Skip to main content

Chinese Navy Liaoning aircraft carrier returns to sea with J-15 and J-35 jet mockups.

| Naval News Navy 2024

As reported by Caiyunxiangjiang on February 29, 2024, a new video has provided a clearer perspective on the J-35 mockup situated on the deck of the Liaoning aircraft carrier, suggesting that the vessel, after its return to sea, is undergoing deck-handling trials. This development is pivotal, as it suggests a shift from previous plans which anticipated the deployment of the J-35 on China’s forthcoming generation of carriers, specifically designed with catapult systems as opposed to the existing ski-jump ramps.
Follow Navy Recognition on Google News at this link

Russian Vyborg Shipyard laid the Purga ice class coastguard ship of project 23550 925 001 The Liaoning aircraft carrier of the Chinese Navy is back at sea with mockups of J-15 and J-35 jets. (Picture source: Caiyunxiangjiang)

Additionally, the imagery showcases a mockup of the J-15 fighter alongside the J-35 on the Liaoning. The J-15, a regular component of China's operational aircraft carrier groups, particularly on the Liaoning and Shandong, appears to be undergoing evaluation for compatibility and training purposes in conjunction with the J-35. The presence of the J-15 mockup, potentially hinting at a new variant of the aircraft, is indicated by the unique shape of the cockpit area, which is visible beneath its protective covering.

The J-15, known in NATO terminology as Flanker-X2 and also referred to as the Flying Shark, is China's primary carrier-based aircraft. Originating from the design framework of the Russian Su-33, it incorporates two Shenyang WS-10A engines, achieving a maximum speed of 2,410 km/h and maintaining operational range capabilities up to 3,500 km. Despite its advanced design, the J-15's operational efficacy is partially restricted by the Liaoning's ski-jump launch mechanism, impacting its fuel consumption and thereby influencing its payload capacity and maximum takeoff weight.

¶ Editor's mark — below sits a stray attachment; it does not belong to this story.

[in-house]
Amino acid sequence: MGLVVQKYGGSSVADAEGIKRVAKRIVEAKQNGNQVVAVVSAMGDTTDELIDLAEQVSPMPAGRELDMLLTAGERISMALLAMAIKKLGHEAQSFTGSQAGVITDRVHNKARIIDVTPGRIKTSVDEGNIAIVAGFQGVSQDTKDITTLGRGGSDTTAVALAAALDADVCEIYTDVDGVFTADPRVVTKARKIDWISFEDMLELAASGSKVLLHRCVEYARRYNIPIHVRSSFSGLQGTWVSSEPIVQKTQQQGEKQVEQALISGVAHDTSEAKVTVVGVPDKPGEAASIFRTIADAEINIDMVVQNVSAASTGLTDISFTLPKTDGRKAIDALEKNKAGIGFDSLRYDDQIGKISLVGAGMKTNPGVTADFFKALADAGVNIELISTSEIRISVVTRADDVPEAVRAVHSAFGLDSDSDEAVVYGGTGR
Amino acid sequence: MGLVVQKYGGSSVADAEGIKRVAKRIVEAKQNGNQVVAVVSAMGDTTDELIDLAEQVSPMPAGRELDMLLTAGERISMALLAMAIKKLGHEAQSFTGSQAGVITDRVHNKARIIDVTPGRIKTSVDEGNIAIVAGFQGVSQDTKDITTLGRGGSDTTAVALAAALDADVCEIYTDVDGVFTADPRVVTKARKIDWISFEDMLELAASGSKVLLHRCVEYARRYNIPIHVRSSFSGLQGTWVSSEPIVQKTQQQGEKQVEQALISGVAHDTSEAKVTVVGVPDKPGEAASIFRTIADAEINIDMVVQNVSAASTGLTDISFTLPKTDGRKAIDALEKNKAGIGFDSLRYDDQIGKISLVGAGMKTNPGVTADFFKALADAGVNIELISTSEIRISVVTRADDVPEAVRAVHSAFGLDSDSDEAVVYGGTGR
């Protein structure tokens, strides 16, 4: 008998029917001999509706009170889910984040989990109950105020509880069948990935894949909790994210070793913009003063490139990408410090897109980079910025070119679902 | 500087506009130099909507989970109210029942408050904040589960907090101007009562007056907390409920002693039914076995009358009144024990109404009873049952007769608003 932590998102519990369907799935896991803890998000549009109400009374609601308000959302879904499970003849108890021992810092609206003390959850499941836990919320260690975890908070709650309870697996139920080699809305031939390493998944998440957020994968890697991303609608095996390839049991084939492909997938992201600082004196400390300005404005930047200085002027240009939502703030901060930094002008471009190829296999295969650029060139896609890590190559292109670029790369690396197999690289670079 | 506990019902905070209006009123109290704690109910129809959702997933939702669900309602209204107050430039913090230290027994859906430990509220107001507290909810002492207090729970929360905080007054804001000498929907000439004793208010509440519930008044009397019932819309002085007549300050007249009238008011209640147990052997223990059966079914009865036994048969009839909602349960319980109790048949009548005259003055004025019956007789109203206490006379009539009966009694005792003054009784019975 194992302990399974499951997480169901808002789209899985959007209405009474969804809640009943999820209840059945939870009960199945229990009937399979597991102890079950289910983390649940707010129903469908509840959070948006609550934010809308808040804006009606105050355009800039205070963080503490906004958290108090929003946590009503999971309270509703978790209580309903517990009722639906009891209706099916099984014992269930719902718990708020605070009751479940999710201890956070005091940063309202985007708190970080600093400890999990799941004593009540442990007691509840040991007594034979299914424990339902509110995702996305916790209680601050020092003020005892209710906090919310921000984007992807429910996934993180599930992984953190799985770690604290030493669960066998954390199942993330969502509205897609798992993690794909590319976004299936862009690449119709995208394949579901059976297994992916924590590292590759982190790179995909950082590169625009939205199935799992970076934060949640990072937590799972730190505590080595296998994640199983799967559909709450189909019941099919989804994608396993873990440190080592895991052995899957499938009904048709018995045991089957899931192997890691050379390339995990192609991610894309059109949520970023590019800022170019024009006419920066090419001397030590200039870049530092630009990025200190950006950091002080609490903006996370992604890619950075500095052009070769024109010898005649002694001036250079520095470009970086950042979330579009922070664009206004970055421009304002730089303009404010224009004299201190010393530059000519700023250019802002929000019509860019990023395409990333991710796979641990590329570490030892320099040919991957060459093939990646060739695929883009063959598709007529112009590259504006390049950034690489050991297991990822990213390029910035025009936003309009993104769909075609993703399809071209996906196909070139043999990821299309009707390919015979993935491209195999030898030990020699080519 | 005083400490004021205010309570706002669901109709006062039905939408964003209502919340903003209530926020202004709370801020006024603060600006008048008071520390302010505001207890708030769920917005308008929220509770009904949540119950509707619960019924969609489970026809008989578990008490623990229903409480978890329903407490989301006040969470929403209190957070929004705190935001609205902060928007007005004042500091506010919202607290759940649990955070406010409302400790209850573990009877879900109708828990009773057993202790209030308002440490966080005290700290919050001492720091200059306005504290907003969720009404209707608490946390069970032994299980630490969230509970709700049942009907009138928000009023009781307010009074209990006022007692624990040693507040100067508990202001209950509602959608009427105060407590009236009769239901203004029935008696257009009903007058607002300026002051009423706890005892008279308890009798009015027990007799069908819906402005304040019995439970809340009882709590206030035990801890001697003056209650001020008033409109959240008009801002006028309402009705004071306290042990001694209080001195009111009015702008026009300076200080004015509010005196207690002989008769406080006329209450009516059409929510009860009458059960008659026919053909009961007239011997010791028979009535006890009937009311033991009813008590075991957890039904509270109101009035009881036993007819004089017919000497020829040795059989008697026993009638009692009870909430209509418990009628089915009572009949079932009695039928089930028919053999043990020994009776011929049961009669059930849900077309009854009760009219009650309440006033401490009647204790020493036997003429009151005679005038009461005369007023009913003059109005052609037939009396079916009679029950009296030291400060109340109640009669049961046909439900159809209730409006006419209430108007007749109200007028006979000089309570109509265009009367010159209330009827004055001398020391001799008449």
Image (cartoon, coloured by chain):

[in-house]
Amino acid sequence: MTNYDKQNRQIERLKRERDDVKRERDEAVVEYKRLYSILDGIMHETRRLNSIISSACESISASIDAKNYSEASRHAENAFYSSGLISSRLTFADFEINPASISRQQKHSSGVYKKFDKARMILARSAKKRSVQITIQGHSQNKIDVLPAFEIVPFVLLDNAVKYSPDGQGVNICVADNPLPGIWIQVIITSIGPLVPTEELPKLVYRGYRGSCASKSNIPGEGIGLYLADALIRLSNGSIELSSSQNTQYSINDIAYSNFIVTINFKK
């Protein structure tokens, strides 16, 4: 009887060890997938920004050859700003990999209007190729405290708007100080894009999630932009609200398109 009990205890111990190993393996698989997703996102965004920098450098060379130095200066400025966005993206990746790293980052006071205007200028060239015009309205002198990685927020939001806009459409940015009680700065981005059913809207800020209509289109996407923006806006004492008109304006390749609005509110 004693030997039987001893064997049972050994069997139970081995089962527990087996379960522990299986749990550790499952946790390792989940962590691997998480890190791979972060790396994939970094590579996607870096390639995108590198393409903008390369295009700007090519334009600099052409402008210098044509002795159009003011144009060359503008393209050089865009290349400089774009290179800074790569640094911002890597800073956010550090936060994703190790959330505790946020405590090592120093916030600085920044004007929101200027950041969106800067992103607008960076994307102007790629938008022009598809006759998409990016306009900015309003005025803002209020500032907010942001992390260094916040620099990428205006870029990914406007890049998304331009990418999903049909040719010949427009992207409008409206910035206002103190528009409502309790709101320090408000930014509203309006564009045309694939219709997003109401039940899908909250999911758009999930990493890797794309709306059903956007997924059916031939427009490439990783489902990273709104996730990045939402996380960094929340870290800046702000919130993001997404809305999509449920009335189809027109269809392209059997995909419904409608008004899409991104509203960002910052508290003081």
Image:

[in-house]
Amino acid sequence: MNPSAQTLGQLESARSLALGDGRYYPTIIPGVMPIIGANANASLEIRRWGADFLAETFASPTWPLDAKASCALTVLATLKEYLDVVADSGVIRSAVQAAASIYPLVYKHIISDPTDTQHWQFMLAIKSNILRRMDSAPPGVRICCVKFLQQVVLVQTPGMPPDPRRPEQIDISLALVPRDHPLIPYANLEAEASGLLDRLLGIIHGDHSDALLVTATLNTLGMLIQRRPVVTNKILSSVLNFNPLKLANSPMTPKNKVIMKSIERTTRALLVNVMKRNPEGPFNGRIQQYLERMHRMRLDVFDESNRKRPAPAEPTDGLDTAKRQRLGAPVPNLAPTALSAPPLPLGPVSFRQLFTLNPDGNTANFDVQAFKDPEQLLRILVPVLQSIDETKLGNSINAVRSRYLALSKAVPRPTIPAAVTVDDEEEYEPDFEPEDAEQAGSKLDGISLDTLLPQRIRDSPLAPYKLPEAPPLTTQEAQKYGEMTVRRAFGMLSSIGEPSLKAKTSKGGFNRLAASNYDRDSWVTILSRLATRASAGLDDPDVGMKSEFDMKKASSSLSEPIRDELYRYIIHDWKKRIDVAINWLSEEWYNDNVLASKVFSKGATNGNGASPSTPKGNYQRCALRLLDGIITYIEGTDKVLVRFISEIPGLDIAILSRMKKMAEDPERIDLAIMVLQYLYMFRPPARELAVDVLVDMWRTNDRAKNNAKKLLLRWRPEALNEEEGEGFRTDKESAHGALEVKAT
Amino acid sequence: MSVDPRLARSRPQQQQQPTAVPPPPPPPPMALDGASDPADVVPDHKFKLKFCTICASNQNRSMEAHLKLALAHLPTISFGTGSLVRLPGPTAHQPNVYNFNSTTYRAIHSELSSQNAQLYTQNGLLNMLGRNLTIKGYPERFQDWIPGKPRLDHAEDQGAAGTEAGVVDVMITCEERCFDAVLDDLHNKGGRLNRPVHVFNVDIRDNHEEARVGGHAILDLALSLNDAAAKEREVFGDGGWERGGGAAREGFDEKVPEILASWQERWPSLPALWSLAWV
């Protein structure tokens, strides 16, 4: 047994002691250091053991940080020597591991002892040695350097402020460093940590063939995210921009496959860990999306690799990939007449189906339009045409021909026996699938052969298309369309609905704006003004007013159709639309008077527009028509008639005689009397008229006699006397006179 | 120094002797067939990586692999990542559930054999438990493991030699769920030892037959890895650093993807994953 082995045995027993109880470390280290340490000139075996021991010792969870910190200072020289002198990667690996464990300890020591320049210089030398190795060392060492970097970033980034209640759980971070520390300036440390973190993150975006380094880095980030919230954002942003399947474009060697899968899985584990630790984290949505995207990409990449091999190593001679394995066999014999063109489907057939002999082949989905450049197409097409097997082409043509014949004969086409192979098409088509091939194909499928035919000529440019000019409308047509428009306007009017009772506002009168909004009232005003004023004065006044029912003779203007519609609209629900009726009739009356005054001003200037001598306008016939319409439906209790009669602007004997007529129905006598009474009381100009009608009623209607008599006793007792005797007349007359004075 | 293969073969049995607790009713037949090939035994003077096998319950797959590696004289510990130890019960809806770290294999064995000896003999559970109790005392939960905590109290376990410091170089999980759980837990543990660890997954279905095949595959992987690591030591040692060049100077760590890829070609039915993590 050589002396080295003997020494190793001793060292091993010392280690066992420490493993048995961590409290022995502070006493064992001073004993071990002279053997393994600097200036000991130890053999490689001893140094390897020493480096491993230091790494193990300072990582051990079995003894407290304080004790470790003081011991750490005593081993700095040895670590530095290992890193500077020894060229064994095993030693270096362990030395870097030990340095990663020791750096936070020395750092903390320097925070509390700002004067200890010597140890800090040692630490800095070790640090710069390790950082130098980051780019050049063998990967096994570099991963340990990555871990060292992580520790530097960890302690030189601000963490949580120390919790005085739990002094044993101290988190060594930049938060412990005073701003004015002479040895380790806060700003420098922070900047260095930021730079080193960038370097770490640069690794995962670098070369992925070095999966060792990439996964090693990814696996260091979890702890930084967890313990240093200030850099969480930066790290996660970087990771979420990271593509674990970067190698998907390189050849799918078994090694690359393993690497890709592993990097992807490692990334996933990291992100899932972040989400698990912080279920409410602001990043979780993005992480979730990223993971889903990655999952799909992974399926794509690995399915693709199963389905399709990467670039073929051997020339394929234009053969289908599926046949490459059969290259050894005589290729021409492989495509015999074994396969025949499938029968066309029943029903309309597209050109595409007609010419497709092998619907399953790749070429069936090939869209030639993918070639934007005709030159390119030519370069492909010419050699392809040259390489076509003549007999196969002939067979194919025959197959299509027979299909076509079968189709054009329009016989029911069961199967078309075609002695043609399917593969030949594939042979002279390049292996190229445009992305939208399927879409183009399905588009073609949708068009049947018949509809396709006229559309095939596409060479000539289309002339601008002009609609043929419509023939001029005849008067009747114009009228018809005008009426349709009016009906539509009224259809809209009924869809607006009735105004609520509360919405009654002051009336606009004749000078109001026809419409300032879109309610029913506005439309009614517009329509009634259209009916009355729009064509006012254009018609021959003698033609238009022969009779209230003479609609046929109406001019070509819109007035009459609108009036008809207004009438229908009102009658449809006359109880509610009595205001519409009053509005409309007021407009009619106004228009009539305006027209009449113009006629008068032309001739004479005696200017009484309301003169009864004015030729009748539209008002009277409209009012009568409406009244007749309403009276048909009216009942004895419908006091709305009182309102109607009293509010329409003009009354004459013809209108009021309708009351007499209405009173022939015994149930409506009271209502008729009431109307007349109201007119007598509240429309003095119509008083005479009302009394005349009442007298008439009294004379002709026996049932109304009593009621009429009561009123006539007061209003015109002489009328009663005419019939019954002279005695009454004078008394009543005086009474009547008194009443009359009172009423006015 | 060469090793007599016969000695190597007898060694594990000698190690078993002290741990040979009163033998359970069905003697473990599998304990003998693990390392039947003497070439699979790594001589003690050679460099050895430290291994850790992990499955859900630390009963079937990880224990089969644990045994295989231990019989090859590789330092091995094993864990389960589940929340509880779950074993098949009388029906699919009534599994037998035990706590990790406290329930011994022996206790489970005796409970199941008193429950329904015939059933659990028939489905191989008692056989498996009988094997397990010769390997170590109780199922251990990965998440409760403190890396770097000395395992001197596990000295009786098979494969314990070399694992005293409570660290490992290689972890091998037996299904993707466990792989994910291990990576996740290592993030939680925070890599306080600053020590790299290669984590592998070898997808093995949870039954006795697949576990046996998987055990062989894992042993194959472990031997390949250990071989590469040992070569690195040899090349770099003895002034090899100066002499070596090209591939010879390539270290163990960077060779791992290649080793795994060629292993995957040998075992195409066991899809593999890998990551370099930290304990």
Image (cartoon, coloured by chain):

Andreas Rupprecht, a noted observer of Chinese aerospace developments, has discussed the potential use of the J-15 mockups for the development of an electronic warfare variant, speculated to be designated as the J-15D. This variant would represent a significant step towards enhancing the electronic warfare capabilities of the People's Liberation Army Navy (PLAN), mirroring the functionalities of comparable systems like the U.S. Navy’s EA-18G Growler.

The employment of aircraft mockups is a recognized practice in naval operations for facilitating the training of deck-handling procedures, including the operation of aircraft elevators and the management of space on the flight deck and in hangar areas. Such practices contribute to the operational readiness and efficiency of aircraft carrier crews.

Recent activities involving the Liaoning, including the integration and testing of the J-35 and potential J-15D variants, signal a progression towards more advanced maritime operations. This also indicates a continued development of the capabilities of China’s current carrier fleet, which operates primarily with Short Take-Off But Arrested Recovery (STOBAR) systems, in contrast to the future catapult-assisted takeoff but arrested recovery (CATOBAR) systems planned for new carriers.

The J-35, specifically designed for carrier operations, while limited by the ski-jump ramp system, is expected to offer new operational capabilities. Designed for single-pilot operations, the aircraft is tailored for carrier compatibility and aerodynamic efficiency, featuring specifications that support its role in varied mission scenarios. The aircraft's design facilitates a balance between maneuverability and operational range, complemented by an array of advanced onboard avionic systems.

The unfolding scenario surrounding the J-35 and the upgraded J-15 variants on Chinese aircraft carriers reflects the country's ongoing efforts to expand and refine its naval air power capabilities. These advancements are indicative of China's broader military modernization efforts, aiming to enhance the operational scope and strategic depth of its naval forces. The Liaoning’s transition from a training to a combat platform, along with its adaptations for increased aircraft carriage and defensive capabilities, underlines the strategic evolution of China's naval ambitions and its engagement in expanding its maritime operational readiness.

Copyright © 2019 - 2024 Army Recognition | Webdesign by Zzam